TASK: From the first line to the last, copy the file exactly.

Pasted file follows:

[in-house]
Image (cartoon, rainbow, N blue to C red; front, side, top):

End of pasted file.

[in-house]
Image (cartoon, rainbow, N blue to C red; front, side, top):